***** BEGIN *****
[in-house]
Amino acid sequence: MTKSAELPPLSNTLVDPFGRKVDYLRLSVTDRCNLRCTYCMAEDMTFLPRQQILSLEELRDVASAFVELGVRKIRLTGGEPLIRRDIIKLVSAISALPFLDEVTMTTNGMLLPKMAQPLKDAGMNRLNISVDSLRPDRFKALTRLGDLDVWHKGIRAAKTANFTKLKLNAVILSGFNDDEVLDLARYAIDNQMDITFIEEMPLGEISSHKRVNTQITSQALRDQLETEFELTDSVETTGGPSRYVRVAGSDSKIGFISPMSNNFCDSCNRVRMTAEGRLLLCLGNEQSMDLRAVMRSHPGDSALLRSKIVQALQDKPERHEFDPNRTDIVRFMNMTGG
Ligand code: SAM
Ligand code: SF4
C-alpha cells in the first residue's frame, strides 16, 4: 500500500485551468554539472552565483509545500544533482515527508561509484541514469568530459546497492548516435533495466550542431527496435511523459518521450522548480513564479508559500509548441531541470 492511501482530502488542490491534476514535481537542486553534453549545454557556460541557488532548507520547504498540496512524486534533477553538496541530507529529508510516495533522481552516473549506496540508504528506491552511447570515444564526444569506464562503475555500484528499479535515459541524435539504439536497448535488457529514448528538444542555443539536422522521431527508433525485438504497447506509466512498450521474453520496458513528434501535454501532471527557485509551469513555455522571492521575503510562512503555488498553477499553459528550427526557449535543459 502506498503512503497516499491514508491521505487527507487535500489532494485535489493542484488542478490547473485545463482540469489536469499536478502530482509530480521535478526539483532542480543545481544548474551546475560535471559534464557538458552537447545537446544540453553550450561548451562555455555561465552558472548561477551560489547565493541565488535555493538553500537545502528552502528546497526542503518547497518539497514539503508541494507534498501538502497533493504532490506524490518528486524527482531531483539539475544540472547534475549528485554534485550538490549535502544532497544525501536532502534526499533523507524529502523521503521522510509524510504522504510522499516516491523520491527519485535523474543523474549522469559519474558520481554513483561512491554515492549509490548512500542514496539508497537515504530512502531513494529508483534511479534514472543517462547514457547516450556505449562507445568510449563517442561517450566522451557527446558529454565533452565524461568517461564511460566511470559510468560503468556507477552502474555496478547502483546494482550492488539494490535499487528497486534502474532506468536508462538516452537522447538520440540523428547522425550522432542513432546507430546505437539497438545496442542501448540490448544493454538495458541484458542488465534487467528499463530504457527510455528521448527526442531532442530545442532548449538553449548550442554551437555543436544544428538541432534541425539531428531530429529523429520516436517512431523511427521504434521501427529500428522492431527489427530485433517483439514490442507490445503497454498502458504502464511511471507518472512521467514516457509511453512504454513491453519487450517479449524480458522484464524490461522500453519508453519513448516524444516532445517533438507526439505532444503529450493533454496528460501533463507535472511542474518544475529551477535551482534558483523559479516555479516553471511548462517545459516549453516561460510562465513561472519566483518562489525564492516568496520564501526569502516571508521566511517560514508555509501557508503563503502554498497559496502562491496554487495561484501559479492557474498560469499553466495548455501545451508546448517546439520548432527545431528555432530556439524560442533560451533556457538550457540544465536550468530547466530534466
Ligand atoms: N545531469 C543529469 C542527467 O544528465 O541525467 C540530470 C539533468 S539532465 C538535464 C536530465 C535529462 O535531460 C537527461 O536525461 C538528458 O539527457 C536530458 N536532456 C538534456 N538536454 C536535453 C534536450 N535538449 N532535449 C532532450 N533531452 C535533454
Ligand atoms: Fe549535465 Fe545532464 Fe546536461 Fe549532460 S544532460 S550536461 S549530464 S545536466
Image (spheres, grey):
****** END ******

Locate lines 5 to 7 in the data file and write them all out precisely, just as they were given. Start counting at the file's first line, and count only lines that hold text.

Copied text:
C-alpha cells in the first residue's frame, strides 16, 4: 500500500485551468554539472552565483509545500544533482515527508561509484541514469568530459546497492548516435533495466550542431527496435511523459518521450522548480513564479508559500509548441531541470 492511501482530502488542490491534476514535481537542486553534453549545454557556460541557488532548507520547504498540496512524486534533477553538496541530507529529508510516495533522481552516473549506496540508504528506491552511447570515444564526444569506464562503475555500484528499479535515459541524435539504439536497448535488457529514448528538444542555443539536422522521431527508433525485438504497447506509466512498450521474453520496458513528434501535454501532471527557485509551469513555455522571492521575503510562512503555488498553477499553459528550427526557449535543459 502506498503512503497516499491514508491521505487527507487535500489532494485535489493542484488542478490547473485545463482540469489536469499536478502530482509530480521535478526539483532542480543545481544548474551546475560535471559534464557538458552537447545537446544540453553550450561548451562555455555561465552558472548561477551560489547565493541565488535555493538553500537545502528552502528546497526542503518547497518539497514539503508541494507534498501538502497533493504532490506524490518528486524527482531531483539539475544540472547534475549528485554534485550538490549535502544532497544525501536532502534526499533523507524529502523521503521522510509524510504522504510522499516516491523520491527519485535523474543523474549522469559519474558520481554513483561512491554515492549509490548512500542514496539508497537515504530512502531513494529508483534511479534514472543517462547514457547516450556505449562507445568510449563517442561517450566522451557527446558529454565533452565524461568517461564511460566511470559510468560503468556507477552502474555496478547502483546494482550492488539494490535499487528497486534502474532506468536508462538516452537522447538520440540523428547522425550522432542513432546507430546505437539497438545496442542501448540490448544493454538495458541484458542488465534487467528499463530504457527510455528521448527526442531532442530545442532548449538553449548550442554551437555543436544544428538541432534541425539531428531530429529523429520516436517512431523511427521504434521501427529500428522492431527489427530485433517483439514490442507490445503497454498502458504502464511511471507518472512521467514516457509511453512504454513491453519487450517479449524480458522484464524490461522500453519508453519513448516524444516532445517533438507526439505532444503529450493533454496528460501533463507535472511542474518544475529551477535551482534558483523559479516555479516553471511548462517545459516549453516561460510562465513561472519566483518562489525564492516568496520564501526569502516571508521566511517560514508555509501557508503563503502554498497559496502562491496554487495561484501559479492557474498560469499553466495548455501545451508546448517546439520548432527545431528555432530556439524560442533560451533556457538550457540544465536550468530547466530534466
Ligand atoms: N545531469 C543529469 C542527467 O544528465 O541525467 C540530470 C539533468 S539532465 C538535464 C536530465 C535529462 O535531460 C537527461 O536525461 C538528458 O539527457 C536530458 N536532456 C538534456 N538536454 C536535453 C534536450 N535538449 N532535449 C532532450 N533531452 C535533454
Ligand atoms: Fe549535465 Fe545532464 Fe546536461 Fe549532460 S544532460 S550536461 S549530464 S545536466